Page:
Jaylen McClain Ohio State Buckeyes Safety

Jim Knowles Enthused By Young Buckeyes In Secondary

The Buckeyes are going to have arguably the best secondary in college football this season. Veteran cornerbacks in Denzel Burke, Davison Igbinosun, and Jordan Hancock, and two safeties in Lathan Ransom and Caleb Downs who could start anywhere else in the nation.

Burke, Hancock, and Ransom will be out of eligibility after this season, and Igbinosun will have an NFL decision to make as well. Which means the secondary you see in Ohio Stadium this year is going to be vastly different than the one you see next year.

Because of that, the constant development of the next wave of defensive backs is imperative. That was one of the areas of focus this spring for the Buckeyes, which led to some young members of the secondary staying pretty busy throughout the 15 practices.

For instance, this was redshirt freshman safety Jayden Bonsu’s first spring with the Buckeyes. He enrolled last June and didn’t see action in a single game last year.

This spring, however, with injuries to safeties Ransom, Ja’Had Carter, and Malik Hartford, Bonsu was playing with the first-team defense at strong safety. It was quite the call up, and defensive coordinator Jim Knowles saw it pay off.

“Yeah, every situation like that gives somebody an opportunity,” Knowles said. “Our depth was really down at safety this spring because you had Lathan, you had Ja’Had, you had Malik. So it opened up opportunities and Bonsu is a guy who really got a lot of reps and you saw him improve.”

Bonsu wasn’t the only young safety making his mark. True freshman Jaylen McClain was an early enrollee who opened up with the twos at free safety behind Caleb Downs. McClain took advantage of an injury to Hartford and made plays all through spring, as Ohio State fans saw with his interception in the spring game.

“McClain, I think is a great plus,” Knowles said. “I mean, he is a guy that has football intelligence. He’s picked it up. He’s one of those incoming freshmen who still should be in high school. He’s the guy I think you’re going to point to and you can see right now he’s going to be a player.”

With the transfer this spring of OSU safeties Cedrick Hawkins and Ja’Had Carter, the development of Bonsu and McClain is even more important.

But it wasn’t just the young safeties who got a good amount of work this spring, because the cornerbacks were busy too. The Buckeyes had three true freshman corners enroll early, but this was also the first spring for redshirt freshman Calvin Simpson-Hunt, who enrolled last June.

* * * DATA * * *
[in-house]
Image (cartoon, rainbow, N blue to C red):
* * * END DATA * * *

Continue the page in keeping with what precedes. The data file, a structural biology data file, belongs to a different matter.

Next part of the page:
Simpson-Hunt played in the final five games of the season last year, but only saw snaps on defense twice. This spring he was with the twos, but would also bump up to the ones at times because Denzel Burke and Davison Igbinosun didn’t need as much work.

Knowles has been impressed by Simpson-Hunt from the outset.

“Yeah, I mean, he did come in late, and he’s competed. He’s one of those guys that just competes every day,” Knowles said. “He doesn’t say much. He’s trying to live up to the standard of the other guys. You see him coming along. You see him step by step coming along. When you put him in a competitive atmosphere and see him step up, that’s a great sign.”

Sophomore Jermaine Mathews, Jr. was in the same class as Calvin Simpson-Hunt, but Mathews played in all but one game last year. He saw extensive time in several games, even earning a start due to injuries.

Together, the pair give the Buckeyes two very promising options at cornerback next year. Add in the trio from the 2024 class, as well as some five-star commitments in the 2025 class, and the lineage of cornerbacks at Ohio State seems to be continuing unabated.

This, of course, is music to the ears of Jim Knowles.

“Yeah, when you have corners that you can count on that are going to compete all the time, no matter what the situation is — and we’ve developed that — it changes the way you call the entire game,” he said.

“I mean, you’re able to leave those guys on an island. You’re able to switch out coverages. They know what they’re doing, and they take great pride in it. So having those guys out there, and the development, it’s a big deal. It really is.”

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